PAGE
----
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Drought in Southern Africa

Drought in Southern Africa

Starting in early October, farmers in southern Africa typically plant maize (corn)—an important food staple—across millions of hectares of land. But the first half of the 2015-2016 growing season was far from typical. Hot and dry conditions associated with a strong El Niño left experts wondering if a record agricultural drought was in the works.

Whether the season breaks a record won’t be known until the growing season concludes in April 2016. But early in the season, when crops are normally planted, many areas faced inadequate growing conditions. According to Curt Reynolds of the USDA Foreign Agricultural Service, rainfall in South Africa’s croplands from October through December 2015 was the lowest measured since at least 1981. With so little rainfall, sowing was delayed and plants could not emerge.

Reynolds and other agricultural researchers track growing conditions around the world by analyzing the Normalized Difference Vegetation Index (NDVI), a measure of how plants absorb visible light and reflect infrared light. Drought-stressed vegetation reflects more visible light and less infrared than healthy vegetation.

This NDVI anomaly map above is based on data from the Moderate Resolution Imaging Spectroradiometer (MODIS) on NASA’s Terra satellite. The map contrasts vegetation health in December 2015 against the long-term average for that month from 2000–2015. Brown areas show where plant growth, or “greenness,” was below normal. Greens indicate vegetation that is more widespread or abundant than normal for the time of year. Grays depict areas where data were not available, usually due to cloud cover.

Three South African provinces—Free State, North West, and Mpumalanga—normally account for more than 80 percent of the country’s maize/corn production. By January 24, 2016, Free State and North West still lacked green vegetation. Some greenery was visible in Mpumalanga, but the below-average levels hinted that crop yields would likely be low.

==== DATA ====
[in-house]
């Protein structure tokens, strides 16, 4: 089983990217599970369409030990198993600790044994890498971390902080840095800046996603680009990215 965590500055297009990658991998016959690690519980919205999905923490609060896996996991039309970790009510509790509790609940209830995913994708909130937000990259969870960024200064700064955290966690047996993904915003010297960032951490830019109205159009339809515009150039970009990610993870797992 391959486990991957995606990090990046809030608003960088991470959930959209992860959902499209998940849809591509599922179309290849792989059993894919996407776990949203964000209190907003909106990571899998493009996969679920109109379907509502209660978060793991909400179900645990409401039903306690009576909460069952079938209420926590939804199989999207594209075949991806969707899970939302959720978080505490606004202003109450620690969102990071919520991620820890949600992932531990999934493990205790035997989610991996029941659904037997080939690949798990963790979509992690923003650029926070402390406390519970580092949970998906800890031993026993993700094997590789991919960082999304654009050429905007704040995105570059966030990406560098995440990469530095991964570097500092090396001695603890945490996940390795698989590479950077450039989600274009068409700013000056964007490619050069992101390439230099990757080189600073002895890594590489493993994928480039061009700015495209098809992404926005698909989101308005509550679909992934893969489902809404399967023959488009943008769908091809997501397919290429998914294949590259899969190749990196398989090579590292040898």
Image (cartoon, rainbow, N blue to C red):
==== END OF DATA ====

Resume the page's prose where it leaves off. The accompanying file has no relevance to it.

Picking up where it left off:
Assaf Anyamba, a remote sensing scientist with the NASA Goddard Earth Sciences Technology Center, noted that some areas were hit particularly hard by the drought. Among them was Lejweleputswa, a district in northwest Free State. The graph above shows how the NDVI for Lejweleputswa this season compares to previous seasons and to the mean from 2001–2015 (dashed gray line).

Farmlands and other vegetation also contended with unusually warm land surface temperatures in the first half of the growing season. This temperature anomaly map is based on data from the Moderate Resolution Imaging Spectroradiometer (MODIS) on NASA’s Terra satellite. It shows land surface temperatures (LSTs) in December 2015, compared to the long-term average conditions for that month from 2000–2015. Red colors depict areas that were hotter than the average; blue colors were colder than average. White pixels were normal, and gray pixels depict areas where data are missing due to cloud cover.

NASA Earth Observatory images by Jesse Allen and Joshua Stevens, using vegetation anomaly and land surface temperature data provided by Jennifer Small, Ed Pak, and Assaf Anyamba, NASA GIMMS Group at Goddard Space Flight Center and the USDA Foreign Agriculture Service (FAS) Global Agricultural Monitoring Project (GLAM) Project. Caption by Kathryn Hansen.

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